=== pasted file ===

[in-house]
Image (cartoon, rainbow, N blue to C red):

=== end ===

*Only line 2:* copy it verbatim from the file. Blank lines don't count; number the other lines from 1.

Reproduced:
Image (cartoon, rainbow, N blue to C red):